We drove right to the end of the road, literally. At the juncture where you can choose to go to Canada or stay in the US, you take a left and follow the coast for a few hundred feet and then you see it. Cohill's Inn and Pub.

We searched for a place to park, as across the street is the ocean and a busy boat launch. We find a spot and walk in.

The place is filled with pirates!! Yup, Aaarrgh, matey! Eye patches, buxom women in wench-wear, men in ruffled shirts, breeks and long coats. And ale. Lots and lots of ale.

We walked up to the bar and the owner/bartender is wearing a kilt with a skull and cross bone t-shirt. I can't help it, but I love pirates! I looked at the owner with a broad grin and said excitedly, "I didn't know there'd be pirates here today!"

"We were invaded," he said happily, as though it occurred regularly.

So we took a seat with an incredible view of the water and ordered a Guiness and Harp. With our ales came a slightly inebriated older gentleman who took a seat at our table. He was a happy sort and told us he lived in the Virgin Islands, a place where there were no virgins.

"You saw to that, I suppose," I said to him.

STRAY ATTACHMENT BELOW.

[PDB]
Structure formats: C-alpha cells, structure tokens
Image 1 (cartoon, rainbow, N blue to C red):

He smiled and feigned shock, sadly said that he had nothing to do with it, then introduced himself as Mr. Moe. We chatted for a while until his wife was finished talking with a few of the pirates. I hope you're getting an idea of how crazy this was, and it was very fun. Music blasting, beer bottles clinking together, and pirates talking with themselves and anyone who wanted to join them at the tables, and walking around town. The funniest thing is that Mainers aren't fazed by much. They'd just drive by, take a look, raise an eyebrow and continue doing what they were doing. It's a bit like dream where everything—no matter how absurd—makes perfect sense. You gotta love it!

Soon, the pirates—and Mr. Moe, along with his lovely wife, Beverly—meandered out. The the landlubbers returned to their car and the pirates returned to their ship. Well, lobster boat. See, a Pirate Festival was happening in Eastport, just up through the Lubec Narrows, that's where they came from. Apparently, Lubec had more of an appeal for them. Maybe Eastport didn't have an open pub! Either way, we were happy to have been entertained by the jovial lot.

When our meal was served, we ate and watched the seals and seagulls across the street catch their own lunch in the swirling waters. The seals are the black heads popping up and down. They're black and gray speckled and look much like dogs.

We got home just before dusk, tired from the day, but happy with the excursion.